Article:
How we achieve the best in everyone
Our aim is to provide an excellent education for all our students; an education which brings out the best in all of them and prepares them for success in life.
Our curriculum is designed to provide children with the core knowledge they need for success in education and later life, to maximise their cognitive development, to develop the whole person and the talents of the individual and to allow all children to become active and economically self-sufficient citizens.
By teaching our curriculum well we develop pupils’ cultural capital: “the essential knowledge that pupils need to be educated citizens, introducing them to the best that has been thought and said and helping to engender an appreciation of human creativity and achievement.” (DFE National Curriculum, 2014)
We draw on Michael Young’s distinction between ‘the knowledge of the powerful’ and ‘powerful knowledge’: “Powerful knowledge ensures that people are not trapped by the limits of their experiences.” Yet we also want all pupils to be able to see themselves in our curriculum. Our recent review into the Diversity and Inclusion of our curriculum included a commitment to this dual function of curriculum: that all pupils see themselves in our curriculum, and our curriculum takes all pupils beyond their immediate experience. This, and the other guiding principles for our curriculum, are stated here:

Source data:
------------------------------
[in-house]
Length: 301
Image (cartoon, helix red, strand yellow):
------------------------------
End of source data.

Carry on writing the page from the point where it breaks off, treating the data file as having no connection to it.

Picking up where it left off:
- Entitlement: All pupils have the right to learn what is in the United Learning curriculum, and schools have a duty to ensure that all pupils are taught the whole of it.
- Coherence: Taking the National Curriculum as its starting point, our curriculum is carefully sequenced so that powerful knowledge builds term by term and year by year. We make meaningful connections within subjects and between subjects.
- Mastery: We ensure that foundational knowledge, skills, and concepts are secure before moving on. Pupils revisit prior learning and apply their understanding in new contexts.
- Adaptability: The core content – the ‘what’ – of the curriculum is stable, but schools will bring it to life in their own local context, and teachers will adapt lessons – the ‘how’ – to meet the needs of their own classes.
- Representation: All pupils see themselves in our curriculum, and our curriculum takes all pupils beyond their immediate experience.
- Education with character: Our curriculum – which includes the taught subject timetable as well as spiritual, moral, social, and cultural development, our co-curricular provision, and the ethos and ‘hidden curriculum’ of the school – is intended to spark curiosity and to nourish both the head and the heart.